Frank Coonelly made some comments about arbitration, but do they actually make sense? Photo by George Gojkovich/Getty Images
If you ?ve paid attention to anything I ?ve ever said, wrote, or tweeted, you would know I don ?t like guessing. I like to talk about what I know, and uncertain variables just aren ?t my forte.
For example, I wrote about the Pirates upcoming arbitration situation in December, theorizing that it may affect their upcoming financial decisions. It turned out to be prescient, as Frank Coonelly came out at PiratesFest and stated payroll was low because of so many pre-arbitration players populating the roster. He also insinuated payroll would eventually grow when those players hit arbitration. I did some back of the napkin math at the time and these comments really didn ?t jive, but I had no actual arbitration estimates to go off of. Until now.
David Slusser at Rumbunter recently worked up estimates for all eight first-time arbitration eligible players for the Pirates. On top of that, he threw out some projections about what the roster may cost. His work inspired me and I wanted to take it a step further.
What follows is a completely in-house projection of the 40-man roster for 2020, as well as what it would potentially cost based on committed salaries, as well as Slusser ?s estimates, among others.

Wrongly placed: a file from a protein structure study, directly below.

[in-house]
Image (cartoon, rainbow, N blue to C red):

Is Coonelly right, or is he just blowing smoke? Let ?s see:
Lineup: Diaz, Bell, Frazier, Gonzalez, Moran, Martin, Marte, Polanco
Bench: Newman, Reyes, Stallings, Osuna
Rotation: Archer, Taillon, Musgrove, Williams, Keller
Bullpen: Vazquez, Kela, Koehler, Kuhl, Brault, Crick, Kingham, Rodriguez
26-40: Brubaker, Burdi, Escobar, Kramer, Santana, Slegers, Tucker, Vera, Waddell, Alemais, Craig, Cruz, Hayes, Kelley, Reynolds
Guaranteed Salaries: $36,950,000
This works under the assumption that the club options for Starling Marte and Chris Archer are picked up ?a near certainty in my book. However, it also includes the option for Tom Koehler (yes, that Tom Koehler). The Pirates signed Koehler to a non-guaranteed deal with an option for 2020, and I decided to have some fun and have them exercise it. The $1,250,000 would actually be the 12th highest salary on the team in this scenario.
In total, this figure is made up of salaries for five players from contracts the team is locked in to for the season, including signing bonuses and buyouts. This total is representative of the lack of long-term commitments the team is currently tied to.
Arbitration Salaries: $23,870,000
Included in this total are salaries for nine arbitration eligible players, eight of which are based on Slusser ?s projections. The ninth ?Keone Kela ?is slated to make $3,175,000 this season, and 2020 would be his final year of arbitration. With that in mind, I threw in a salary of $5,000,000 for him, with no real theory to back it up.
In case you ?re counting, this projection is the end of the road for Michael Feliz. My working assumption was that he ?d use his final option in 2019 and be out for 2020, so instead of going to arbitration for a second round ?Slusser agreed ?I assumed the Pirates non-tender him.
Pre-arbitration Salaries: $6,536,639
This includes every other player on the 25-man roster that isn ?t on a guaranteed contract ?11 in total per my projected roster.